I eventually decide that social embarrassment is probably slightly more appealing than potential death, and I’m about to leg it, when the door opens and another elderly gent in x-rated speedos enters.  The two men’s eyes meet and they begin to converse.  I see my window of opportunity and leave the sauna.  I can feel my blood simmering and now know what it must feel like to be a live lobster in a pot of boiling water, whilst an older lobster with low hanging testicles tells you a sob story.

All of a sudden, an early morning Ryan Air flight with a crack addict doesn’t seem so bad.

Day 68 - Do Babies Dream of Baby Sheep

Do Babies Dream of Baby Sheep

You know how I said before that it was the waiting for the baby's arrival that was the hardest part?  Bollocks!  The waiting was the easy bit, as you can see from my new top three list of the hardest things about having a baby, ranked from hardest to easiest...

  1. The birth.  Horrific.  Brutal.  Savage.  Basically like a Saw movie.  (Shudders)
  2. Twenty four hours of a baby crying.  Oh!  My!  God!  Please sleep!
  3. Waiting for an overdue baby.

In fact, as unbearable as it seemed at the time, I actually miss the waiting part now!  I mean, we love our baby, we are over the moon, smitten, and very rarely think about selling her on eBay, but I live in a beautiful city, it’s thirty degrees outside and I don't have to go and sit in an office!  I miss being able to just take a stroll up to Buda Castle with my favourite wife, pop in to Pest for a bite to eat, or visit one of the city’s many bars or cafes for a sociable drink in the sun.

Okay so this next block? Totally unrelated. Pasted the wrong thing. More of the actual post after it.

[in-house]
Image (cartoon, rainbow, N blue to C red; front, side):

Maybe I’m just feeling a tad bitter due to the fact that Mila spent yesterday (which incidentally was our third wedding anniversary) screaming at the top of her tiny lungs.  FOR TWENTY FOUR FUCKING HOURS!  I think she’s maybe going through that phase.  You know the one.  The phase where the ONLY thing that will stop her crying is to be carried around by her Dad while he sings the entire back catalogue of The Crash Test Dummies to her.  The trickiest part of this is that I only know two of The Crash Test Dummies' songs.  These being ‘Mmm Mmm Mmm Mmm’ and ‘Afternoons & Coffeespoons’, and out of these two songs I know a total of eight words from the lyrics, seven of which are in the titles.  So, our anniversary evening consisted of me, with wild, bloodshot eyes, wandering around the flat carrying a baby, guessing the entire back catalogue of The Crash Test Dummies.

“She’s asleep honey!  Why don’t you try and put her to bed?” my wife says.

I nod and then looking like a man carrying his life's work through a field of land mines, I carefully put my sleeping child to bed.  Her peaceful, sleeping head touches the mattress.  Her eyes shoot open.  She glares at me and she is frantic.  She screams.  I pick her up.

“Mmm, Mmm, Mmm, Mmm, Mmm, Mmm, Mmm, Mmm, Mmm.”

Repeat until my eyeballs bleed, while I consider if there's any feasible way to put our baby back inside my wife.